Sunday, September 16, 2012

"How to Eliminate Fifty Percent of Your Business Worries"

Dale Carnegie offers us yet another process for squelching our worries this week.  This one reminds me of my husband, the scientist, for some reason.  Could it be because Alan is the king of questions?!  Ultimately though, it was my mom who helped me "see the light" regarding this week's principle:
1. What is the problem?
2. What is the cause of the problem?
3. What are all possible solutions of the problem?
4. What solution do you suggest?

The best example I have of using this process happened a couple weeks ago.  The problem and cause of the problem were simple... I was feeling completely overwhelmed by our to-do list that we need to finish before Baby arrives in mid-November (e.g., get Tyler settled into his new room, put the nursery back in place, finish our basement bedroom, etc).  As I had a meltdown (yes, even Dale Carnegie trainers have meltdowns from time to time, especially the hormonal ones!) on the phone with my mom one Saturday, she said something that struck me. "Marisa, why do you need to finish that bedroom before the baby arrives?  You can move the bed into the space, put some rugs down, and it will be absolutely fine."

My mom's comment triggered me to have a conversation with Alan about the possible solutions to the problem of being overwhelmed:
1. We could try to line up time for Alan and his family to finish the basement bedroom in the next few months (keep in mind that Alan was already back in classes, his dad was approaching harvest season, etc).
2. We could hire someone to finish the basement bedroom (a.k.a., moolah).
3. We could hold off on finishing the bedroom until next summer and just make it as nice as possible for the moment.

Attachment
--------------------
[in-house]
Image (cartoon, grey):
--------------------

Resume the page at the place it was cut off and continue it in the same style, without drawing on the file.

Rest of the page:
We opted for #3 and it is the best decision we've made in awile!  We bought a carpet remnant, moved all the furniture in, and even put a picture or two on the walls.  Granted, the room is still two-toned and the ceiling beams are exposed but it will certainly serve our guests well as we welcome the baby.

And the decision preserved my sanity... and therefore, Alan's sanity, too.

Thanks, Mom, for the suggestion!  Dale Carnegie would be proud!

1 comment:

  1. I think it's quite easy to overcomplicate things in life. There are all kinds of sayings that are posed as solutions - e.g., "If it ain't broke, don't fix it." When I'm "at my wits end", I usually ask myself this: If I don't do this, how will things have changed when I wake up in the morning? Will my actions have threatened my life or that of my family's in any way - i.e., health or security? First, answering these questions helps me to put things in perspective. Then, I generally realize that the problem is never as big as I've made it to be in the first palce.

    As far as your mother goes, I've always known that "she's one smart cookie."

    Another great post!